c# Example

[Adopts ("NSLocking")]
public class MyLockeingObject : NSObject {
	[Export ("lock")]
	public void Lock ()
		// ...

	[Export ("unlock")]
	public void Unlock ()
		// ...

Key Value Coding

Key Value coding is a mechanism that allows you to access properties of an object by their name, as opposed to accessing them directly with a C# method.

To expose a C# property to the Key-Value coding system all you need to do is add the ObjCRuntime.ExportAttribute to your property. The names must only contain ASCII characters, start with a lowercase letter, and must not contain any spaces.

c# Example

public class CircleLayer : CALayer {
	[Export ("radius")]
	public double Radius { get; set; }

	// ...

You use the Foundation.ValueForKey(NSString) to lookup a property using a name, and you use the of functions Foundation.SetValueForKey(NSObject, Foundation.NSString) to set the value for the specified property. For example, you could call foo.ValueForKey ("user") to grab the value of the user property in an object.

In addition, you can use Key Paths to have the runtime repeatedly call the ValueForKey or SetValueForKey for you. You separate the keys by using a dot. For example the keypath "" would request the user property, and then request the address property on the user, then it would request the phone property on the address and finally request the mobile property on the phone and finally use the result as the value. You use the Foundation.ValueForKeyPath(NSString) to lookup a property using a keypath, and you use the Foundation.SetValueForKeyPath(NSObject, Foundation.NSString) to set a value using a keypath.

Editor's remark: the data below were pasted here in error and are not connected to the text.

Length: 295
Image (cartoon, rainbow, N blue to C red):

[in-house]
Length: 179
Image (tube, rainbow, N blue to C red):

When using keypaths, if a lookup fails, the NSObject.SetValueForUndefinedKey(NSObject, NSString) will be invoked when setting a value, and the NSObject.ValueForUndefinedKey(NSString) will be invoked when looking up a value. Both methods by default raise an Objective-C exception, you can alter that behavior by overriding the methods.

Key Value Observing

Key value observing is a mechanism implemented by NSObject that can be used to monitor changes being done to an NSObject through the Key Value Coding system.

For your class to observe a notification, you must override the Foundation.ObserveValue(NSString, NSObject, NSDictionary, IntPtr) method which will be invoked with the information about the value changes for a specific keypath. Then you use the Foundation.AddObserver(NSObject, NSString, NSKeyValueObservingOptions, IntPtr) to start observing changes and the Foundation.RemoveObserver(NSObject, NSString) method to stop receiving notifications.

Related content


Namespace: Foundation
Assembly: Xamarin.iOS (in Xamarin.iOS.dll)
Assembly Versions: